No Smartphones at the Thanksgiving Table


As we gather with family this time of year, and if we are alert and engaged, we can learn powerful lessons. But if we are in a fog of mindless busyness, if we are impaled on our gimmicks and gadgets, we will miss moments of insight.


Life is a conveyor belt of losses. One form of loss is the retirement of trusted professionals who have cared for us through the years. A case in point was my trusted, beloved dentist. He was kind, he was professional, and he was available. He was a good guy.


His office was bought out by a superb technician, a gifted dental surgeon who cared for the little nuisances that arise with aging. But then something unusual happened. The dental hygienist who had been with the practice for thirty-five years announced her retirement too. Another loss. Another friendly face that disappeared into the gloaming of the evening.


I showed up for a routine dental check. A new hygienist was on board, and I felt a wince of anxiety—but then something magical happened.


The hygienist had mastered the art of curiosity. She was genuinely interested in who I was, what I did, and what my life was like. This was profoundly refreshing.


Just think for a minute how almost always friends, neighbors, and acquaintances need to dump on us all the miseries, sufferings, setbacks, and disappointments of life. How the talk around the Thanksgiving table devolves into someone’s agenda. We might talk about politics, the weather, sports, and their thinking how they can interject some downer into the conversation.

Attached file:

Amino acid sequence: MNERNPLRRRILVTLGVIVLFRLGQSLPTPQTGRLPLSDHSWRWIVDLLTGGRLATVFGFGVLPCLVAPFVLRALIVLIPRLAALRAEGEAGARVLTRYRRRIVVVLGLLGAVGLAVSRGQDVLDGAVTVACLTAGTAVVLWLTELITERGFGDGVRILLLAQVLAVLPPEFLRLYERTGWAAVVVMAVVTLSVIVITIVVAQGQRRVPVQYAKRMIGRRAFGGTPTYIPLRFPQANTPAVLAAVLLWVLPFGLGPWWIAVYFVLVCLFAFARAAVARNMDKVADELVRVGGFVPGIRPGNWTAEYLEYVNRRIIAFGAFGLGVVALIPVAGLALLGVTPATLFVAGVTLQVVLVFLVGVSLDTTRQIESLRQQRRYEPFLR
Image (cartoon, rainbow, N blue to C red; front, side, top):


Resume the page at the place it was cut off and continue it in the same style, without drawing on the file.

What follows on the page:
We have all been there. It’s draining.


The hygienist and I had a lovely conversation despite the poking and prodding with instruments in my mouth. But I was curious about her life situation as well, which is how I treated my clinical patients. And she rather casually mentioned that her husband had a challenging job as a manager of several retail outlets and the real frustrations of hiring and retaining adequate help.


She shared that she had a family of four young children, a commute on a single lane of treacherous county roads, and the challenges of evening school and church activities.

There was no complaint, no whining. It was just a tapestry of a demanding professional and personal life.


My session was completed at about five, and it was a dark, cold Minnesota night. She had two additional patients to attend to and would probably not get home until seven and then off to a choir recital. Fairly mundane stuff but she accepted these challenges with poise and dignity. And shared with me a powerful lesson that when we meet someone, we really have no idea about the challenges and issues with which they struggle.


So what were the take-home messages from my trip to the dentist?


· Floss after each meal, brush on a regular basis, and see your dentist at least twice a year. Okay, we all know that.

· Cultivate a genuine curiosity about people. They have stories; they have a past and future.

· Slow down, turn off the phone, the TV, and the iPad. Be engaged and listen. We may learn from powerful insights about others and about ourselves.


© 2020  Edward T. Creagan, MD, and Write On Ink Publishing